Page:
Monona’s water comes from three groundwater wells which pump from the Sandstone Aquifer. Well 1, constructed in 1960, is 305’ deep; Well 2, constructed in 1958, is 500’ deep; and Well 3, constructed in 1967, is 775’ deep. Before the water reaches your tap it is treated with a Sodium Hypochlorite solution for disinfection purposes and with Fluoride to assist with dental protection.
The Monona Water Utility routinely monitors our water for potential contaminants according to Federal and State law. Monona’s drinking water is safe and meets all Environmental Protection Agency (EPA) and Department of Natural Resources (DNR) standards, and the City of Monona has had no violations of EPA or DNR safe drinking water requirements. The City issues an annual water quality report which is posted on this site and available at City Hall for the public to review. The City's water quality reports show lead levels well below the EPA's action level of 15 parts per billion (ppb). In 2017, the City's lead level was 3.65 ppb. View the 2017 water quality report.
Where Does Lead in Water Come From?
In Monona, the mains that bring water from the wells to your home are constructed of ductile iron. However, lead still can be found in some metal water taps, interior water pipes, or pipes connecting a house to the main water pipe in the street. Lead found in tap water usually comes from the corrosion of older fixtures or from the solder that connects pipes. When water sits in leaded pipes for several hours, lead can leach into the water supply. When your water has been sitting for several hours, you can minimize the potential for lead exposure by flushing your tap for 30 seconds to 2 minutes before using water for drinking or cooking.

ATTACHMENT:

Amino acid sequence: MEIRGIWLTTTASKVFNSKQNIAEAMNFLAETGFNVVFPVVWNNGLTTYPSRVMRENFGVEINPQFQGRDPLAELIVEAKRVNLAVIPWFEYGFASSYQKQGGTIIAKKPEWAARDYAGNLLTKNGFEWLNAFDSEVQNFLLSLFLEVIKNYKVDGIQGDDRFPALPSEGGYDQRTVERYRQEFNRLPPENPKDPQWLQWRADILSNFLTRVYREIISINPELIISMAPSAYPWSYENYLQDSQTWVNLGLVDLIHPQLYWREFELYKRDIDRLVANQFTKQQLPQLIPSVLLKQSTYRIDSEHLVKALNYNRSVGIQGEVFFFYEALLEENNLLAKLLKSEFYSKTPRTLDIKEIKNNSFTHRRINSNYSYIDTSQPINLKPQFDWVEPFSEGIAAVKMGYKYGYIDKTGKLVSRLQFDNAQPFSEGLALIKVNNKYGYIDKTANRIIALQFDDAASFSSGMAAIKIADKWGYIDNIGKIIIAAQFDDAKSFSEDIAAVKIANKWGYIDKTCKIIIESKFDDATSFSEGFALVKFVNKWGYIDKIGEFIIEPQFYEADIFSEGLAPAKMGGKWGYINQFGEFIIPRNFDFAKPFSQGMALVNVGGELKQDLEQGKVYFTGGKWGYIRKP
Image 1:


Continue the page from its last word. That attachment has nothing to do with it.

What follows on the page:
How Can I Tell If I Have Lead Pipes?
To determine whether your water lateral (the pipe which brings water from the main in the street to your house) is made of lead, locate the water service line coming into your home. It will usually be located in the basement with an inlet valve and water meter installed right after the line enters the building. Use a screwdriver to scrape a small area of the pipe. If the scraped area is shiny and silver and a magnet will not stick to it, then it is made of lead. If the scraped area remains a dull gray and a magnet sticks to it, then it's a galvanized steel pipe. If the scraped area is copper-colored and non-magnetic, then it's a copper pipe. If you've determined that you have a water lateral made of lead or other lead pipes in your home, visit http://www.cdc.gov/nceh/lead/tips/water.htm for more information on minimizing lead in your drinking water.